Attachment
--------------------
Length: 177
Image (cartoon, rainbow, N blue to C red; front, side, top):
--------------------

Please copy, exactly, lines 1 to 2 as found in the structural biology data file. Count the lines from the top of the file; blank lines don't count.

Length: 177
Image (cartoon, rainbow, N blue to C red; front, side, top):